Feeling hot, hot, hot?
We bang on about heatstroke in dogs a lot and there's a reason for that - we still see casualties every year when the temperature rises, and often from fully preventable causes.
Dogs cannot sweat like we can - instead they cool themselves by panting (drawing cooler air in from the environment and expelling warmer air from the lungs), and drinking cool water. This is not very effective, especially when you're wearing a fur coat and the outside air isn't that cool!
Some dogs are more predisposed to develop heat stroke than others. Dogs with short noses and narrow airways termed brachycephalic breeds (for example, Pugs and French Bulldogs) suffer more with the heat. These dogs in particular, should certainly not be exercised in the middle of the day. No dog has died from missing a walk but plenty do from taking one on a hot day.
What are the signs to look for?
- Excessive panting
- Thick drool/saliva coming from the corners of the mouth
- Noisy breathing
- Crackly breathing
- Lack of co-ordination
Severe cases may present with collapse, seizures, vomiting and/or diarrhoea (in these severe cases the damage is often irreversible – even if we can save these dogs in the emergency situation, they will often end up with organ damage a few days down the line).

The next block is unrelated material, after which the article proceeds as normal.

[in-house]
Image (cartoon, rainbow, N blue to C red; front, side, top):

There are some considerations for cats too:
Cats with pale ears/noses or thin hair can be prone to sunburn which can sometimes lead to skin cancers. If your cat will let you, you can apply pet-friendly sunscreen (for example, Filtabac) to these areas but best of all, ensure they stay in the shade wherever possible. A ventilated cardboard box can be fun for them to hide in and provide shade. Do not use human sunscreen as pets can be sensitive to some of the chemicals in them if ingested through licking.
If your cat prefers indoors, keep the curtains closed to keep your house cooler. Sometimes, on a really warm day, having the windows shut is better than open.
Ensure they have lots of access to fresh water – cats can be very discerning and often prefer a bowl full to the brim, and ceramic or metal bowls to plastic ones. Place bowls away from their food and ideally in several different locations. Water fountains are also a good idea as some cats love running water.